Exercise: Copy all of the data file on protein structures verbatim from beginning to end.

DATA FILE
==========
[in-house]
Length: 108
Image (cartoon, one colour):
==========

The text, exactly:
[in-house]
Length: 108
Image (cartoon, one colour):